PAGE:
DC Parks & Pools Integration: 1949-54
A fight between African American and white youths at the Anacostia swimming pool June 29, 1949 set off a chain of events that led to the integration of DC swimming pools five years later.

Members of the local Progressive Party youth group organized the initial attempt in June 1949 after the Interior Department took the position that it operated integrated facilities.

Government Services, Inc. operated the pool, along with five others, under contract with the Interior Department that prohibited segregation by policy. However, the Anacostia, Takoma, McKinley and East Potomac pools had long been a whites-only. African Americans had used the Banneker and Francis pools.

A report from the local chapter of the American Red Cross showed that 29 of 37 children who drowned in the period 1945-48 were African American swimming in the unsupervised waters of the Anacostia River or Kingman Lake. There was not a single supervised swimming facility east of North Capital Street that African American children could normally go.

The youth affiliate of the Progressive Party, the Young Progressives, decided to challenge the practice and began organizing integrated groups of youths to swim in the Anacostia and McKinley pools.

The Progressive Party was a third party that ran Henry Wallace for president in 1948 on a pro-labor, pro-civil rights and anti-Cold War platform and received about 1.1 million votes.

Direct Action

The first youths tried to test the waters at Anacostia on June 23rd but were run out by white youths before they were able to enter the water. The following day more than 50 African Americans entered the pool and on June 25th 50-60 also entered the pool and swam.

By Sunday June 26 a crowd of about 1,000 white youths was waiting. The first two African Americans, both 14, were surrounded by about 50 white youths who splashed and drove them out of the pool while the rest of the crowd taunted the would be swimmers. Another five African American youths who arrived later were similarly driven away.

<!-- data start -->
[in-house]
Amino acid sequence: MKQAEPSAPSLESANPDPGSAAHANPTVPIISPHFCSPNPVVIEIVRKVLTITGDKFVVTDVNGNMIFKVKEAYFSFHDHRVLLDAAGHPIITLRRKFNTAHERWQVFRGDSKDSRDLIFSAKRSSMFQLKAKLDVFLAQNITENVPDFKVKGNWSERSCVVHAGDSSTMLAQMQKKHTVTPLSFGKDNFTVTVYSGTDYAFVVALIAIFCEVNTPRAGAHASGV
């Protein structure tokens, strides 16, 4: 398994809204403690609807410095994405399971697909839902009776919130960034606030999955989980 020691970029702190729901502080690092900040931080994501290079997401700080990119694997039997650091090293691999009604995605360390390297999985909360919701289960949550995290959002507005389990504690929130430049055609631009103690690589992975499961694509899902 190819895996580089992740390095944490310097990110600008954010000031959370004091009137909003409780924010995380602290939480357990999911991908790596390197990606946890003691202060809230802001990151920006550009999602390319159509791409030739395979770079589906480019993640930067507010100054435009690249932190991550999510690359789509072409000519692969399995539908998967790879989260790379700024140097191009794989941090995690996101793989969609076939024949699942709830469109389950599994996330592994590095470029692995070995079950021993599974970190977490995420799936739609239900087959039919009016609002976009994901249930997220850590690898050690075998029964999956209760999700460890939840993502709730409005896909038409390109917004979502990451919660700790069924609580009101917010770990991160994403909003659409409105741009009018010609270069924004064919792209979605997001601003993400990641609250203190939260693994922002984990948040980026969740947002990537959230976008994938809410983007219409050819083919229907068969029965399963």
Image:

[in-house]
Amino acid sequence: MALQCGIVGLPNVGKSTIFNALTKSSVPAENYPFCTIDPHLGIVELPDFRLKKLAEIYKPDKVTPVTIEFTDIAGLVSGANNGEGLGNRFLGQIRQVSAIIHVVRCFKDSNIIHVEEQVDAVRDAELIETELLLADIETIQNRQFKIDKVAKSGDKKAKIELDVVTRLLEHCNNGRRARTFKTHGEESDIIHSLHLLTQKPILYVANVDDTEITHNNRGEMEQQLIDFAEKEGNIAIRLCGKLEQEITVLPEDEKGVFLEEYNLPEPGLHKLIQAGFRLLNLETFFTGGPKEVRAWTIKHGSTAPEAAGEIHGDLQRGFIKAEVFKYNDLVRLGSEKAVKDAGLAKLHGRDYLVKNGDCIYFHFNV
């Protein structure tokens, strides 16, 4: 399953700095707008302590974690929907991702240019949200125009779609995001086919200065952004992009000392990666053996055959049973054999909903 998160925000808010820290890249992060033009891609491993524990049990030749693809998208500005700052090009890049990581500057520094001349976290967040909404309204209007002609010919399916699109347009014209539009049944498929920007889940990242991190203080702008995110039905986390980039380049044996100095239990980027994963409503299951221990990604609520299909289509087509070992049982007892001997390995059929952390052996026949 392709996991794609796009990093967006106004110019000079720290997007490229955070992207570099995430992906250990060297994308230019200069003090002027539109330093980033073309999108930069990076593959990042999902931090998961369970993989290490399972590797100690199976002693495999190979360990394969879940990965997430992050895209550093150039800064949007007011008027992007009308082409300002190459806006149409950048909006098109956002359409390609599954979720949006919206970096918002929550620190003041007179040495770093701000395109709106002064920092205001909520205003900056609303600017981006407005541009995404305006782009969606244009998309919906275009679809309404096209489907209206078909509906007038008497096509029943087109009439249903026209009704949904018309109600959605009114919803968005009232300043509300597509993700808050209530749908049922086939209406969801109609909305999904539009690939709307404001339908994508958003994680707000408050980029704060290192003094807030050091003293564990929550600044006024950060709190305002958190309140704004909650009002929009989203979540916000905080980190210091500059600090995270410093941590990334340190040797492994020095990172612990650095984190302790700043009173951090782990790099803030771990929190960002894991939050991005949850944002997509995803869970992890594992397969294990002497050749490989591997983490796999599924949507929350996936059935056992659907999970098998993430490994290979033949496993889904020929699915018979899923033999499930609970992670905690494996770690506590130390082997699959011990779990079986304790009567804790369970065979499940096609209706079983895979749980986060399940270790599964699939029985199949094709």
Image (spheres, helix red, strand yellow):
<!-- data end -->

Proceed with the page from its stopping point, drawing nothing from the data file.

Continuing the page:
On June 28 another incident occurred similar to the previous ones.

The biggest confrontation took place June 29th when 10 white and 10 black members and supporters of the Young Progressives entered the pool. Later, about 70 African Americans arrived and entered the pool area while about 100 waiting white opponents began a scuffle. Scattered fighting broke out both inside and outside the facility between the groups.

A white woman was chased by about 50 white youths who believed she was a “Wallacite” One in the crowd yelled, “Go back to Russia, you dirty red.”

An African American boy was corned by a white mob and sustained cuts when he attempted to climb over a barbed wire fence. Fighting continued between the two groups outside the pool area while the numbers of participants grew to about 1,000.

Two white students distributing Young Progressive handbills in favor of integration were arrested along with two African Americans who were alleged to be fighting with whites. One white youth was arrested for fighting with one of the white Young Progressives distributing handbills.

Several others among the Progressives were injured, including one African American hit in the head with a stone and a white woman trampled by a police horse.

Pool Closed

The pool was temporarily closed as result of the clashes. The Interior Department had been scheduled to transfer the six pools to the District’s recreation department, but held off because DC insisted on segregating pools by race.

The recreation department ultimately adopted a “gradualization” policy where parks, swimming pools, golf courses and other facilities under its control would be slowly converted to integrated facilities over a period of years. The six pools operated by the Interior Department continued to be open to all.

When a 14-year-old African American boy died after swimming after hours in the segregated Rosedale pool at 17th & Gales Streets NE in June 1952, Consolidated joined other groups in picketing the playground and the board of recreation that culminated in a number of arrests.

In September, over 100 children climbed over the fence of the whites-only pool and entered the swimming area. The recreation staff closed the pool, but the following day the children returned and by shear numbers integrated the pool. One police officer said, “I can’t arrest these children. They’re having such a good time.”

The Rosedale pool closed for the season shortly afterward and the recreation board opened the Rosedale playground to all. Before the pool opened in the spring, they voted to integrate the pool as well.

As lawsuits piled up, the District decided to integrate all of its facilities on May 19, 1954 in the wake of the Bolling v. Sharpe school decision. By that time, there were still 88 of 125 DC parks or facilities still segregated. This included the Georgetown pool at 34th & Volta Place NW—the last public pool to be integrated in the District. The Supreme Court outlawed public park segregation nationwide in 1958.
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